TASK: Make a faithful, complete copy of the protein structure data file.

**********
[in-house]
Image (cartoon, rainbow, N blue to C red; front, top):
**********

[in-house]
Image (cartoon, rainbow, N blue to C red; front, top):